The blank screen. The half-finished project. The project that wants to be done. We talk a lot about machines and plug-ins, dials and patch cords, tools and techniques. But the reality is, the most essential moments of the process go beyond that. They’re the moments when we switch on that central technology of our brain and creativity. And, very often, they crash and require a restart. So it’s about time to start talking about the process of how we make music – even more so when that process is in some sense inseparable from the technology we use, whether the …

READ MORE →
abyssal.2jpg

Let Milena Kriegs’ Music Plunge You Into a Beautiful Abyss [Free Downloads]

Grim music is very much in vogue these days – the tell-tale sign being washed-out back and white photos that seem to have escaped from the liner covers of horror movie soundtracks, among other giveaways. But it can get carried away. You might sometimes wonder if producers were being paid by their reverb plug-ins in exchange for lengthening delay times. Milena Kriegs aka Milena Głowacka, however, is some blissfully frightening music I feel is worth listening to. Straddling darker, deeper techno and adventures into more ambient/experimental territory, this Warsaw-based artist is at the center of a growing amount of finely-crafted …

READ MORE →
808movie

On the Eve of New 808 Film, Techno’s Roots Matter More Than Ever [Videos]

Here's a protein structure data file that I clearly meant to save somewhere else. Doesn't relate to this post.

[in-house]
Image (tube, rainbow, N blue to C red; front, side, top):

If rock music had the Gibson Les Paul and Fender Stratocaster, hip hop and dance music have the TR-808. And if its sound seems sometimes overly familiar, even that is in some sense a hat-tip (pardon the pun) to its enduring ubiquity. Now, the Roland TR-808 gets its own full-length documentary, told primarily through the eyes of the people who repurposed its idiosyncratic sound to spin new musical genres and start a revolution. The film features extensive input from Arthur Baker, who acts as a centerpiece for the movie. Baker was the producer behind Afrika Bambaataa’s ‘Planet Rock,’ a record …

READ MORE →
brolin

Romance Again: Intimate, Personal Music for the First Warmth of Spring

Who’s ready for some springtime romance? Show of hands? Thought so. Here in northern Europe, at least, we’re at that inflection point as spring first crawls its way out of winter, tiny buds on the trees and ice/rain mixes giving way to faintly warm sunbeams. This is music that matches that mood. And it’s music that finds a voice, that can sing – not just in beautiful vocals (and the likes of Brolin certainly suffices in his latest work), but in music that is crafted from some intimate place. These are productions that are immediate and intensely personal in the …

READ MORE →
richard

Crowd-funding Campaign Wants to Pay Back Amen Break Creator

It’s the best-known sample of all time. It might be the most-heard six seconds of sound in modern recording. But before it became the “Amen break,” the signature riff was part of The Winstons’ song “Amen, Brother.” And so, how much did the artists who actually produced the original sound earn from their “success”? Well, that’ll be … nothing, apart from the original revenues from the 1969 release. Nothing in royalties from its use … well, seemingly everywhere. (N.W.A.? Oasis? Futurama? Check.) Zip. Zero. The drummer, Gregory Coleman, died homeless in 2006. Richard L. Spencer, the vocalist and sax player …

READ MORE →